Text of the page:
A Guide To Atopic Dermatitis


Atopic Dermatitis is a chronic inflammatory skin disorder, which affects 15 to 20 percent of children and 1 to 3 percent of adults. The condition causes red, itchy, inflamed patches of skin, most commonly on the face (especially around the eyes), neck, elbow creases, knees and ankles. Atopic dermatitis is persistent in nature and if left untreated can lead to a cycle of flare-ups and remissions.

The symptoms of atopic dermatitis are very similar to those you would find in an allergic reaction, however for those suffering from atopic dermatitis there is no allergen present. Instead it is thought that the severity of this condition is linked to a combination of genetics, environmental conditions and immune system responses.

Atopic Dermatitis triggers

There are many factors that can trigger atopic dermatitis flare-ups. These triggers can be different for everyone, but some common ones include:

* exposure to harsh soaps/detergents

* stress/anxiety

* temperature changes/sweating

* allergic reactions (e.g latex or nickel)

* dry skin

Atopic dermatitis is a common, chronic inflammatory skin disease. This is a chronic skin condition characterized by itchy, inflamed skin. It most commonly begins in early childhood with changing patterns and severity over time. The most common locations for atopic dermatitis are the creases of the elbows or behind the knees. However, it may occur anywhere on the body.

Atopic dermatitis is more than just a skin condition; it can affect your quality of life and that of your family. Besides the physical symptoms, many individuals also experience depression, low self-esteem and sleep disturbances as a result of their disease. It can be very disruptive to daily activities and even interfere with school and work performance. Sometimes the itch from atopic dermatitis can be so intense that it disrupts sleep patterns, causing irritability and fatigue.

The goal of treatment for atopic dermatitis is to reduce itching, decrease inflammation and prevent new flare-ups. Even though there is currently no cure for this condition, it can be managed successfully with proper treatment.

Atopic dermatitis is a common skin disorder that affects about 10% of people at some point in their lives. The disease usually appears early in life. Atopic dermatitis is more common in people who have a personal or family history of allergies, such as hay fever and asthma.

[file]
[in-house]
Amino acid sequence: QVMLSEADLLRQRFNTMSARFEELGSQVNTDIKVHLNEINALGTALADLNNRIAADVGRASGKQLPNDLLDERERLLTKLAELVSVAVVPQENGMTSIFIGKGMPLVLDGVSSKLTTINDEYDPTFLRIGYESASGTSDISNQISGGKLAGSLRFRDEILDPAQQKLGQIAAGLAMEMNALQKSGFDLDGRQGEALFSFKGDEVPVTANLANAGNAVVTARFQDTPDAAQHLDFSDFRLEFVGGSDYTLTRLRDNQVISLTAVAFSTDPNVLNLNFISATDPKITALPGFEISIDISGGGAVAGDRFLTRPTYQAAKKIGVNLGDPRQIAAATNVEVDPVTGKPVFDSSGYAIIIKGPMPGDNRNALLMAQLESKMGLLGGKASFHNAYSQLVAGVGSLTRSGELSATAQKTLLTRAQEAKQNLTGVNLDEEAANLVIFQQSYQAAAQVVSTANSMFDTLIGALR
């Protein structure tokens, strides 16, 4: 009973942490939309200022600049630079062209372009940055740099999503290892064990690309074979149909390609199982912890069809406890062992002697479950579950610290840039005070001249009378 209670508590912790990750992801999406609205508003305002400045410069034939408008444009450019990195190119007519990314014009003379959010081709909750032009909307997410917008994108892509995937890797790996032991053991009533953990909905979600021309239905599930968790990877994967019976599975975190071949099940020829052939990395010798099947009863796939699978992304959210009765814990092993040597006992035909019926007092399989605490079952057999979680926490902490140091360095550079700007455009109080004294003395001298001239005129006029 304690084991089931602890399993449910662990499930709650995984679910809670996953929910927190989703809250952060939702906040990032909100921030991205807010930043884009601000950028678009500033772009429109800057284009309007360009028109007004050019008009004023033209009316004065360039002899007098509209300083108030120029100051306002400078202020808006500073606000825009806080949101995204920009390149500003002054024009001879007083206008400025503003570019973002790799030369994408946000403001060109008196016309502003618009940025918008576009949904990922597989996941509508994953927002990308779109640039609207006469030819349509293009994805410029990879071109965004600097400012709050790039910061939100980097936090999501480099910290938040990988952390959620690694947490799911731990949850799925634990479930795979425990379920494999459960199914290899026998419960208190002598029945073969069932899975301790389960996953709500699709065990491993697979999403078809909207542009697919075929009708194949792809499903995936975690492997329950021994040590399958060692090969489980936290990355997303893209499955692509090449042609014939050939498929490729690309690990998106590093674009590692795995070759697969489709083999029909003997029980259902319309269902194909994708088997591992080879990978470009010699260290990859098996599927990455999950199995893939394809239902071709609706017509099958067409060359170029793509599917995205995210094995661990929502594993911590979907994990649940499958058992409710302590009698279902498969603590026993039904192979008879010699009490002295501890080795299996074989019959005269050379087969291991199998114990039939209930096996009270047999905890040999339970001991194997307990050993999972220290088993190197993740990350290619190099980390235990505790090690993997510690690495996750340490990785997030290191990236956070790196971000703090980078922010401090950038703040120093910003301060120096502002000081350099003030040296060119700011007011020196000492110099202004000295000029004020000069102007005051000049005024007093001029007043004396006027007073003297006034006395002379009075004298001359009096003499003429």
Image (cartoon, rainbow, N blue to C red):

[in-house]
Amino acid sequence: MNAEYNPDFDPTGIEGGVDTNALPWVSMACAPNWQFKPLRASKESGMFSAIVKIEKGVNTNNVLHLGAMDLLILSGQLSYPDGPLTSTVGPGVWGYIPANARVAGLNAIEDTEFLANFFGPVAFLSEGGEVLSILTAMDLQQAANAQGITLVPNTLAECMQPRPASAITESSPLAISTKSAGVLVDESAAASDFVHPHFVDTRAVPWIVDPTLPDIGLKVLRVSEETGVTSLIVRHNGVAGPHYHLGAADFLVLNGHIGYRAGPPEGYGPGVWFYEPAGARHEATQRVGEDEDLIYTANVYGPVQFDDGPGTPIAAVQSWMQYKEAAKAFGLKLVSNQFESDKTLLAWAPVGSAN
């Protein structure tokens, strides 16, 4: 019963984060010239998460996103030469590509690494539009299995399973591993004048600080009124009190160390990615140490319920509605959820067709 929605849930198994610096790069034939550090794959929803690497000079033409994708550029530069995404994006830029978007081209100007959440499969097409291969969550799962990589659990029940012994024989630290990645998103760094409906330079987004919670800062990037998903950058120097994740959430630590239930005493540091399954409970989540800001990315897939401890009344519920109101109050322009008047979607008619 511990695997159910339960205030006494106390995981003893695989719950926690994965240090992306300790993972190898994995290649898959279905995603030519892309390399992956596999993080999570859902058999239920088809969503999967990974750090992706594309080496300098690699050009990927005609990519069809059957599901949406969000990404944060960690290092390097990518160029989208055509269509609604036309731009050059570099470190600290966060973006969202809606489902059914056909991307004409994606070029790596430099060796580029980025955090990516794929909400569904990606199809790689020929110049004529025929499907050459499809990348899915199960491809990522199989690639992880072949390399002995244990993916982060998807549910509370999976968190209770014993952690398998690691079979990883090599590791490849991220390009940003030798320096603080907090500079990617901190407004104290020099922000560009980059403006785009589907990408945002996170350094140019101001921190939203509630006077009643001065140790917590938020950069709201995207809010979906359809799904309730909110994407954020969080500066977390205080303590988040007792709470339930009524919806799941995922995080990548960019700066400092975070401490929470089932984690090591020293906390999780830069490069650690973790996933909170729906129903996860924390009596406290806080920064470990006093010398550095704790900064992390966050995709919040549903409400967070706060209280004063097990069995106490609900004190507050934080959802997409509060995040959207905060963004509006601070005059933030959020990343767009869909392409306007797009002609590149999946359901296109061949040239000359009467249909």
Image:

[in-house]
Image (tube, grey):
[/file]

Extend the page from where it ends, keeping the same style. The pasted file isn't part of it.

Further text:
Atopic dermatitis is a chronic skin condition that causes the skin to become itchy, red, dry and cracked. The most common areas for atopic dermatitis to appear are on the cheeks, arms and behind the knees. Atopic dermatitis affects about 15 million Americans and approximately 20% of children have atopic dermatitis.

Atopic Dermatitis is an inflammatory, chronically relapsing, non-contagious and pruritic skin disorder. The word “dermatitis” means inflammation of the skin. The term “atopic” derives from the tendency of affected people to develop other atopic (allergy-related) conditions such as asthma and hay fever.

The prevalence of eczema in Australia is estimated to be around 20%. Eczema affects males and females equally, with a peak onset between 3 months and 6 years.

Atopic dermatitis usually presents before 2 years of age. It can be associated with other atopic conditions such as food allergy, allergic rhinitis (hay fever) or asthma. There are two peaks in the incidence of AD: first at 6 months to 1 year, and then again during puberty.

Atopic dermatitis, more commonly known as eczema, is a chronic skin condition that causes dry, itchy and inflamed skin. Although it is most common in infants and children, atopic dermatitis can affect people of all ages. It’s also common for patients to have other allergies, such as hay fever or asthma.

Why Do People Get Atopic Dermatitis?

The exact cause of atopic dermatitis is unknown. Scientists believe that genetics play a major role in the development of the disease. There are specific genes called the filaggrin gene that significantly increase the risk of developing atopic dermatitis when they are mutated or missing altogether. Other factors such as environmental conditions and immune system issues can also contribute to the development of this disorder.

Atopic dermatitis (AD) is a chronic inflammatory skin disorder that typically starts in infancy, childhood or adolescence. AD can affect any age group, but most commonly begins in the first six months of life.

The cause of AD is not well understood, although it occurs more frequently in people with a family history of eczema, asthma and hay fever (allergic rhinitis). It is believed that AD tends to run in families who have “atopic diathesis,” an inherited tendency to develop these conditions.

The rash associated with AD is characterized by areas of intensely pruritic (itchy), red, thickened skin that may become scaly and ooze and crust if scratched. The rash occurs more frequently on the face, scalp and extensor surfaces (fronts of the knees and elbows) but can occur anywhere on the body.

We recommend following the “20-minute rule”. You should moisturise after a bath or shower, while your skin is still damp. This will help to lock in moisture and prevent itching or flaking.

To promote healing of the skin barrier, it is important to use an emollient that contains ceramides. Look for products with ceramides 1, 3 and 6 for optimal results. Ceramides are naturally found in the outer layer of our skin and play an important role in keeping the skin hydrated, moisturised, and healthy.


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